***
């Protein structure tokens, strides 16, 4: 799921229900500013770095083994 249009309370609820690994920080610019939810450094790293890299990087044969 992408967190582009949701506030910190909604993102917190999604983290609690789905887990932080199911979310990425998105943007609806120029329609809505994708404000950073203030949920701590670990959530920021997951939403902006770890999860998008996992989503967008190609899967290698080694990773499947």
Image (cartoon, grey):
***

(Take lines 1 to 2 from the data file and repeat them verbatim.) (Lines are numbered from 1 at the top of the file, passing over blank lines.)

């Protein structure tokens, strides 16, 4: 799921229900500013770095083994 249009309370609820690994920080610019939810450094790293890299990087044969 992408967190582009949701506030910190909604993102917190999604983290609690789905887990932080199911979310990425998105943007609806120029329609809505994708404000950073203030949920701590670990959530920021997951939403902006770890999860998008996992989503967008190609899967290698080694990773499947």
Image (cartoon, grey):